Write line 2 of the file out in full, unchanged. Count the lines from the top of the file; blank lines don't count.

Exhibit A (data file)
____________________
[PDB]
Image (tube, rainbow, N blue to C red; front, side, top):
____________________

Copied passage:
Image (tube, rainbow, N blue to C red; front, side, top):